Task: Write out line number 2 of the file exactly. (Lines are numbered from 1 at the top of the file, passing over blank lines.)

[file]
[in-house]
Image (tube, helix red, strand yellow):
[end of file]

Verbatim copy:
Image (tube, helix red, strand yellow):